“That’s one of my favourite things about Beckett. He refused to confirm or deny interpretations, which is why I think people are fascinated by him and his work. I want to do that.” – Brendan Gall
It could easily be argued that Waiting for Godot, written by infamous Irish playwright, Samuel Beckett, has led to more interpretations than any other play written in the post-World War era. Voted “the most significant play of the 20th century,” in a British National Theatre Poll, Waiting for Godot is the story in which two characters wait in vain for someone named Godot who never arrives. They eat, sleep, sing, play games, argue, swap hats, and contemplate suicide, but Godot never arrives. Since the release of the play, two questions have plagued audience members and readers alike: “Who was Godot and why didn’t he show up?” One guess seems as good as another.
- Written originally in French between October 1948 and January 1949
- The first abridged production was performed in the studio of the Club d’Essai de la Radio and was broadcast on [French] radio. Beckett did not show up but sent a note to be read out:
“I don’t know who Godot is. I don’t even know (above all don’t know) if he exists. And I don’t know if they believe in him or not – those two who are waiting for him…Maybe they owe you explanations. Let them supply it. Without me. They and I are through with each other.”
- The English Premiere of Waiting for Godot was on August 3, 1955 at the Arts Theatre in London. The critics panned the show, and audiences walked out. The plan quickly became to shut it down after one week. However, when reviewers from The Observer and The Sunday Times attended the show on Sunday, August 7th, they gave it glowing reviews and everything changed. Suddenly Waiting for Godot was all the rage in London, and later around the world. Today, it is still produced regularly world wide.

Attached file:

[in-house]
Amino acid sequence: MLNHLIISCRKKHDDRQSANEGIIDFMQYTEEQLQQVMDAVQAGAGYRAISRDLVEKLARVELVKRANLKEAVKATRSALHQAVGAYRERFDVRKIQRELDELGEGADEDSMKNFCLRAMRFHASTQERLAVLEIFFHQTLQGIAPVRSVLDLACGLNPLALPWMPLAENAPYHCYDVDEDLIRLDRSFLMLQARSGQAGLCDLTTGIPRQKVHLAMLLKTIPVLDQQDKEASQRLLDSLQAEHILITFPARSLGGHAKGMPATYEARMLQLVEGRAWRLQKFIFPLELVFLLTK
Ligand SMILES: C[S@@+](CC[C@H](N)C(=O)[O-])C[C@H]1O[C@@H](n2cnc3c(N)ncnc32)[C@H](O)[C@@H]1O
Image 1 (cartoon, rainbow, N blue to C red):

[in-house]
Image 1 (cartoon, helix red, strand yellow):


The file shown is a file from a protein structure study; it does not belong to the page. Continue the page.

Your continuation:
- Waiting for Godot has undergone several different interpretations including political, biblical, Freudian, existentialist, biographical, and homoerotic, among others. Beckett tired quickly of what he considered ‘the endless misunderstanding.’ “Why people have to complicate a thing so simple I can’t make out.”¬ – Beckett
- Lüttringhausen Prison near Wuppertal in Germany, first premiering on November 29th, 1953 after an inmate obtained a copy of the first French edition and translated it himself into German. In October 1954, he wrote Beckett a letter saying, “You will be surprised to be receiving a letter about your play Waiting for Godot, from a prison where so many thieves, forgers, toughs, homos, crazy men and killers spend this bitch of a life waiting…and waiting…and waiting. Waiting for what? Godot?” This began Beckett’s longtime relationship with prisons and prisoners.
- Since Waiting for Godot first premiered, several unauthorized sequels have been written, and endless other plays, books and movies were inspired by the story, theme, dialogue and structure. A British TV show premiered in 1990 called Waiting for God, and in 1974 Ray Manzarek wrote the song He Can’t Come Today based on the play.